US city to pay Daniel Prude family $12m after arrest death

Prude, an unarmed Black man, died after Rochester police put a hood over his head and held him down in March 2020.

An image from police body camera video shows Rochester police officer putting a hood over the head of Daniel Prude in Rochester, NY [Rochester Police via Roth and Roth LLP via AP]

Officials in the western New York city of Rochester have agreed to pay $12m to the children of Daniel Prude, a Black man who died after police put a hood over his head and held him down for several minutes in March 2020, according to local media.

The settlement, which will go to Prude’s five children, was approved in a court document filed on Thursday. Prude’s death was among a series of high-profile deaths of Black people involving police in the US that sparked protests in recent years.

Demonstrators took to Rochester’s streets en masse after a grand jury in February of 2021 voted not to indict the officers involved.

Stephen Schwarz, a lawyer who represented the Prude family, called the settlement a “just” outcome, according to Rochester’s City Newspaper.

“This is a recognition by the administration that has taken over the city that this tragedy was avoidable, and that this was something that shouldn’t have happened and something that should never happen again,” Schwarz said.

In a statement, Rochester Mayor Malik Evans said that the agreement was “the best decision” for the city.

daniel prude
Joe Prude, right, uncle of Daniel Prude, and Daniel’s nephew Armin, stand with a picture of Daniel Prude in Rochester, NY [Ted Shaffrey/The Associated Press]

“It would have cost taxpayers even more to litigate, and would have placed a painful toll on our community,” said Evans, who was not in office when Prude died in March 2020.

Police confronted Prude, 41, after his brother called to say the man needed help during an apparent mental health episode.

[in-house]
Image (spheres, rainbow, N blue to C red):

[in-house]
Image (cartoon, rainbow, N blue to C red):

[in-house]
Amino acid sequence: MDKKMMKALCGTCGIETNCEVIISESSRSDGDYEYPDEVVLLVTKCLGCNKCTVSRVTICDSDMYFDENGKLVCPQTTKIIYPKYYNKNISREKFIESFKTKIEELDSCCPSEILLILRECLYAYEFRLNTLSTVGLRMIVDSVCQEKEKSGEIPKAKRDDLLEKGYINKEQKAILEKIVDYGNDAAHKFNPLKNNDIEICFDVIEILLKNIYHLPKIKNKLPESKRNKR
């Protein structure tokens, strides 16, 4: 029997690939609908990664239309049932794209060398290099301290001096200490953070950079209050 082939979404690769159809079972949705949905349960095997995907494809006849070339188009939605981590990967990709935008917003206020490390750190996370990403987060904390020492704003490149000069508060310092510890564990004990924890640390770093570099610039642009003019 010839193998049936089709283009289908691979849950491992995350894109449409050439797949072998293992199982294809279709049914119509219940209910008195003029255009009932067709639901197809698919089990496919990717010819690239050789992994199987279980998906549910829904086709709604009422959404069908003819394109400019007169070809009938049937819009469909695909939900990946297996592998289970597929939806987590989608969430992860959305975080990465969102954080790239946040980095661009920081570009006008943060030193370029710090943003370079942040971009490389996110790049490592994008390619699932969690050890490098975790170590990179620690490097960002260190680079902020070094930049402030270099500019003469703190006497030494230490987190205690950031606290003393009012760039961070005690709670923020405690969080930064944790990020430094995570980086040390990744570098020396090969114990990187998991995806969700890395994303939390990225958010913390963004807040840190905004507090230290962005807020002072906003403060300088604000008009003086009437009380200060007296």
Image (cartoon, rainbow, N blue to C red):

Prude had been taken to a hospital for a psychiatric evaluation earlier that night but was released after a few hours.

Police video showed that Prude had complied with police demands to get on the ground and put his hands behind his back after an initial attempt to flee.

He became agitated as he sat, handcuffed, on the pavement.

Police then put a hood on his head – a so-called “spit sock” to stop him from spitting. They held him down for about two minutes until his breathing stopped.

He died several days later after being taken off life support, with the county medical examiner later determining the death was a homicide caused by “complications of asphyxia in the setting of physical restraint”, while citing the drug PCP as a contributing factor.

The officers involved have maintained they followed training during the incident.

New York Attorney General Letitia James, responding to the 2021 grand jury decision declining to charge the officers, had said that Prude “was in the throes of a mental health crisis and what he needed was compassion, care and help from trained professionals”.

“Tragically, he received none of those things,” she said.

An image taken from police body camera video shows Rochester police officers holding down Daniel Prude [File: Rochester Police via Roth and Roth LLP via AP]

The lawyers representing Prude’s family have maintained that his constitutional rights were violated by police actions. They have also accused the authorities of trying to withhold details of the incident.

Emails released months after Prude’s death showed that in June 2020, Rochester police commanders urged city officials to hold off on publicly releasing the video of the incident because they feared violent blowback if it came out during nationwide protests that were then unfolding over the police killing of George Floyd in Minneapolis.

The former mayor of Rochester, Lovely Warren, later fired the city’s police chief over the handling of the incident, charging Prude’s death “was not taken as seriously as it should have been”.

Charges against individual police officers for high-profile killings and deaths in custody of Black people remain rare in the US, with convictions even more scarce.

Still, Derek Chauvin, the police officer who knelt on Floyd’s neck for more than nine minutes, was later convicted of two counts of murder and sentenced to more than two decades in prison. The three other officers at the scene of that incident were later charged with violating Floyd’s civil rights.

Source: Al Jazeera and news agencies